4. Robes and Slippers for each model, Slips in black and nude: This really applies with studio shoots. Your models need to be able to eat and drink and walk on their breaks and you cannot be worrying about them spilling something on their garments. That is something you do NOT have time to be worrying about. If it's an outdoor shoot and it's cold, ask them to bring along their favorite coat, gloves, ear muffs (less likely to mess up their hair), etc. Slips are important, too. The model may not always have a slip on hand- it's your job to provide one that fits them.
5. Garment Steamer & Access to Water (or a jug of water): This is SO incredibly important to have a garment steamer on hand at all times. A photograph can pick up the smallest wrinkle and photoshop can do amazing things, but you cannot rely on that fact. Be professional. Steam your garments before the model wears them. NEVER steam a garment on a person!!! Make sure you have access to water to refill your steamer or bring a jug of water. If you don't have electricity, you'll have to do without and steam before you bring the garments to set. Here's hoping your garments won't get too mangled!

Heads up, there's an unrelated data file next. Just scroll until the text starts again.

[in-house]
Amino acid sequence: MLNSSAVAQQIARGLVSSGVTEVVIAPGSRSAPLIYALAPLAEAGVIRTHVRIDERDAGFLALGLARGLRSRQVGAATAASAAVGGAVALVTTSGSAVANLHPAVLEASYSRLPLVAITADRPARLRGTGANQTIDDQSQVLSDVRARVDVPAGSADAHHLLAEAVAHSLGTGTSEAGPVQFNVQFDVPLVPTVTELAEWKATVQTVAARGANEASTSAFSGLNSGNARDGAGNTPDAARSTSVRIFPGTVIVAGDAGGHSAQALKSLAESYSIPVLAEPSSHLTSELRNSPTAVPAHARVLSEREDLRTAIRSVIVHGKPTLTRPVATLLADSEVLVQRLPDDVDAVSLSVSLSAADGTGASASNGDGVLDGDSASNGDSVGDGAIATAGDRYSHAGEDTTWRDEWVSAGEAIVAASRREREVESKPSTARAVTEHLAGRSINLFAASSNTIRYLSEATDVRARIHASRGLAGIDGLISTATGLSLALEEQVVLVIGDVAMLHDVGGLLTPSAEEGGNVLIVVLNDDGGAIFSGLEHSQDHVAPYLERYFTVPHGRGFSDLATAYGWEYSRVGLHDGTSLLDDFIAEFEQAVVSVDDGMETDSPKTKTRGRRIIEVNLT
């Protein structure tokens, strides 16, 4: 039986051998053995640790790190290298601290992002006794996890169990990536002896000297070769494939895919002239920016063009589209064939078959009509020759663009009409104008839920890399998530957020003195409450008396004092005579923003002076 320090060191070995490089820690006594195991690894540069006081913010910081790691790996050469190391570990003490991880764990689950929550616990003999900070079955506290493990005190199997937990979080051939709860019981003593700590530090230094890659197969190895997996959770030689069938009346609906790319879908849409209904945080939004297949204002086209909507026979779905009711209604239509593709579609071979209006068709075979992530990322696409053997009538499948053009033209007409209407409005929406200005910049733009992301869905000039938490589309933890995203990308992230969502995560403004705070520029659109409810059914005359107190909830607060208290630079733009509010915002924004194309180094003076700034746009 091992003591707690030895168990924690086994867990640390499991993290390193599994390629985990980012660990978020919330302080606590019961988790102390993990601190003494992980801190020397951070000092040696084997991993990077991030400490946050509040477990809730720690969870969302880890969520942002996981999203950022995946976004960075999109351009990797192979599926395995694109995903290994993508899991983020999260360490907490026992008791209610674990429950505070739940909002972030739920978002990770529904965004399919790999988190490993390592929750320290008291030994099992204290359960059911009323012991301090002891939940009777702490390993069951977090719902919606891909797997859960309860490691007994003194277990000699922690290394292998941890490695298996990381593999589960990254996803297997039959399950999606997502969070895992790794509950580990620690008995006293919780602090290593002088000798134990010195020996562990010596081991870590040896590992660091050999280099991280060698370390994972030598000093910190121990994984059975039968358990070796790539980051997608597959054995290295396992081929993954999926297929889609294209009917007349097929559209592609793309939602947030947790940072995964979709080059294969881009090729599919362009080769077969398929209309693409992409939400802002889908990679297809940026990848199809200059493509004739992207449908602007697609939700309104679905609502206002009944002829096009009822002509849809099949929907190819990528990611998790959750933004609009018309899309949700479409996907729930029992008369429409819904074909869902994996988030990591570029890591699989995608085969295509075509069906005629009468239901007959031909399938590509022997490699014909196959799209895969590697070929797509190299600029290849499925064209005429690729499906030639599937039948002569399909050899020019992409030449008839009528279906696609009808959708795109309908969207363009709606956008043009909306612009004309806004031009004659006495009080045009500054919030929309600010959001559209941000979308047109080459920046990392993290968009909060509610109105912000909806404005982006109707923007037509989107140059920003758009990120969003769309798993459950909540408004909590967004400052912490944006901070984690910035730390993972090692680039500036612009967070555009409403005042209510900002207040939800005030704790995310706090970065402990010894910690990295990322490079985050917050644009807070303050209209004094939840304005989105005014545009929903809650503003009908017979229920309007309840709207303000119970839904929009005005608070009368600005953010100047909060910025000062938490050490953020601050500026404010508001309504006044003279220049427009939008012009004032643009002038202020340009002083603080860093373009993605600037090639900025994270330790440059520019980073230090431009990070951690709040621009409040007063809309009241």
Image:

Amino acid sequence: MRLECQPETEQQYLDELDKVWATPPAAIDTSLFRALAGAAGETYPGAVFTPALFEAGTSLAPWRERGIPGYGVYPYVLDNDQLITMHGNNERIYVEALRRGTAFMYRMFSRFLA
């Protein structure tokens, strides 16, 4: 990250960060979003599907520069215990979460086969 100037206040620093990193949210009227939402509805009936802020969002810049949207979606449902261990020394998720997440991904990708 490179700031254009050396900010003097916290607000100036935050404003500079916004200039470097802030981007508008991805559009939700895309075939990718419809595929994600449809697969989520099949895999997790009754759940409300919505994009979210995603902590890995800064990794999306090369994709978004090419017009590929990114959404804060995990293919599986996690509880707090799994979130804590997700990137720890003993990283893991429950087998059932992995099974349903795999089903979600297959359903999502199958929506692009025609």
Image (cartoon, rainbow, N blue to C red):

6. Organic deodorant & clear deodorant, Tissues, Tooth Brush and Tooth Paste: You need to have extra for your models and you need to consider that they may only wear the fancy organic deodorant. Also consider bringing a new tooth brush and tooth paste for each model. Tissues are great, too... you must always be prepared!
7. Clothing Racks, Hangers & Garment Bags with Labels, String, Tags: You need some sort of contraption to hang your client's clothing on, you'll need hangers, and garment bags to keep the clothes clean and tidy when traveling to and from the location. Make sure you label each bag because when it's returned to the client- it needs to hair their name and a list of the contents. If you're lucky, an intern of yours will return the garments after the shoot. If not, you'll be prepared either way! 
8. Tylenol & Advil (Ibuprofen): No one wants to deal with YOU if you have a headache and the model certainly doesn't want to have pain on the shoot. Be prepared with both types. 
9. Stain Remover & Static Guard: Shout Pens, Shout Wipes and Tide to Go are great and don't rely on photoshop to "shop out" the stains that might occur. Be professional and make sure they don't appear. Make-up remover is important, too! Static Guard is your BFF!